Perfect for ages 7-10.
In Charles River Editors' History for Kids series, your children can learn about history's most important people and events in an easy, entertaining, and educational way. This concise but comprehensive audiobook will keep your kid's attention all the way to the end.
If Dolley Madison was instrumental in molding the role of first lady in the 19th century, credit can be given to Eleanor Roosevelt for revolutionizing the political nature of the role in the 20th and 21st centuries and making it possible for presidents like Bill Clinton to enlist their wives to handle political duties. At the same time, history might remember Eleanor more for what she did outside of the White House, as she became a critically acclaimed and world-famous international author and advocate of civil rights and women's rights. By the time she had finished working for the United Nations, working on the Universal Declaration of Human Rights, President Truman rightly called her "The First Lady of the World".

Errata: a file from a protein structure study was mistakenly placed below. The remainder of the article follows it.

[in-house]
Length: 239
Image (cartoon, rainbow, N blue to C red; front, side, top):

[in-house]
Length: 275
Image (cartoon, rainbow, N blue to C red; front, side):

Eleanor is one of her country’s most famous and admired first ladies, an ironic fact considering she was worried being the wife of a successful politician would force her to take on what she considered to be irrelevant ceremonial roles. But Franklin’s offices and illnesses made it possible for her to run in the social and political circles that interested her, and she began wielding substantial influence both for herself and on behalf of her husband. Much like Hillary and Bill Clinton, the Roosevelts' marriage evolved into one of friendship and political convenience as Eleanor became a political power player herself. By the end of the 1940s, Eleanor’s name was being bandied about for positions like governorships, the US Senate, and even the vice presidency, which was still completely unprecedented for a woman in those times.
History for Kids: An Illustrated Biography of Eleanor Roosevelt for Children chronicles the amazing life and career of one of the nation’s most important First Ladies, but it also humanizes her to paint the fuller picture. Your kids will learn about Eleanor Roosevelt like they never have before.